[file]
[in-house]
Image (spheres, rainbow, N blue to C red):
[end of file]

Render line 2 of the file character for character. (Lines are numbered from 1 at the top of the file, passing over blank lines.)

Image (spheres, rainbow, N blue to C red):